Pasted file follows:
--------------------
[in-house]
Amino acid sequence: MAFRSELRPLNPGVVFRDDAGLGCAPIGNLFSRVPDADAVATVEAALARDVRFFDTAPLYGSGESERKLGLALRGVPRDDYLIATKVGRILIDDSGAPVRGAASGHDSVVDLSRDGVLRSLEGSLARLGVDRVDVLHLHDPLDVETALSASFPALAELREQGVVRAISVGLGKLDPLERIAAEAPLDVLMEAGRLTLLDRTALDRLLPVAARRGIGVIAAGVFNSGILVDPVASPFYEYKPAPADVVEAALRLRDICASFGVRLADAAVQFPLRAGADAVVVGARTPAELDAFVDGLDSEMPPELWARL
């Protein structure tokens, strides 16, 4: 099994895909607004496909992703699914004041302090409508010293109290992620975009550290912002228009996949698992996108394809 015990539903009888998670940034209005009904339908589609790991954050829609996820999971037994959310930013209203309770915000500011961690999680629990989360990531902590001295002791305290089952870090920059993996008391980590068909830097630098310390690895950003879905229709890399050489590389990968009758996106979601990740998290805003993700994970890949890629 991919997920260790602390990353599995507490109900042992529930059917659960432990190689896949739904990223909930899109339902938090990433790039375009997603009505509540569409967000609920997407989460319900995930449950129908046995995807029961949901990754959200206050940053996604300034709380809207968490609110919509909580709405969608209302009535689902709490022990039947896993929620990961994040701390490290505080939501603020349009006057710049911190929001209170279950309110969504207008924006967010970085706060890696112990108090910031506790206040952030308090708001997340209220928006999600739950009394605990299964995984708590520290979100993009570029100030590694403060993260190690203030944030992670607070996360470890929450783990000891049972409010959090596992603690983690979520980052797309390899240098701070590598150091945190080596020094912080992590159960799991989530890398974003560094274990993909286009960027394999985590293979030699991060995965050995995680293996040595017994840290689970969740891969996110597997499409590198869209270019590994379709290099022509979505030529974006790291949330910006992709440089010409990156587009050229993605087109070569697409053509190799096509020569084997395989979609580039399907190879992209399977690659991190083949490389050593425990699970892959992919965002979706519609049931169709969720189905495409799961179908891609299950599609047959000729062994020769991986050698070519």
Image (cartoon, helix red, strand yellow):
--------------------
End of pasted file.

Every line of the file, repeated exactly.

[in-house]
Amino acid sequence: MAFRSELRPLNPGVVFRDDAGLGCAPIGNLFSRVPDADAVATVEAALARDVRFFDTAPLYGSGESERKLGLALRGVPRDDYLIATKVGRILIDDSGAPVRGAASGHDSVVDLSRDGVLRSLEGSLARLGVDRVDVLHLHDPLDVETALSASFPALAELREQGVVRAISVGLGKLDPLERIAAEAPLDVLMEAGRLTLLDRTALDRLLPVAARRGIGVIAAGVFNSGILVDPVASPFYEYKPAPADVVEAALRLRDICASFGVRLADAAVQFPLRAGADAVVVGARTPAELDAFVDGLDSEMPPELWARL
């Protein structure tokens, strides 16, 4: 099994895909607004496909992703699914004041302090409508010293109290992620975009550290912002228009996949698992996108394809 015990539903009888998670940034209005009904339908589609790991954050829609996820999971037994959310930013209203309770915000500011961690999680629990989360990531902590001295002791305290089952870090920059993996008391980590068909830097630098310390690895950003879905229709890399050489590389990968009758996106979601990740998290805003993700994970890949890629 991919997920260790602390990353599995507490109900042992529930059917659960432990190689896949739904990223909930899109339902938090990433790039375009997603009505509540569409967000609920997407989460319900995930449950129908046995995807029961949901990754959200206050940053996604300034709380809207968490609110919509909580709405969608209302009535689902709490022990039947896993929620990961994040701390490290505080939501603020349009006057710049911190929001209170279950309110969504207008924006967010970085706060890696112990108090910031506790206040952030308090708001997340209220928006999600739950009394605990299964995984708590520290979100993009570029100030590694403060993260190690203030944030992670607070996360470890929450783990000891049972409010959090596992603690983690979520980052797309390899240098701070590598150091945190080596020094912080992590159960799991989530890398974003560094274990993909286009960027394999985590293979030699991060995965050995995680293996040595017994840290689970969740891969996110597997499409590198869209270019590994379709290099022509979505030529974006790291949330910006992709440089010409990156587009050229993605087109070569697409053509190799096509020569084997395989979609580039399907190879992209399977690659991190083949490389050593425990699970892959992919965002979706519609049931169709969720189905495409799961179908891609299950599609047959000729062994020769991986050698070519």
Image (cartoon, helix red, strand yellow):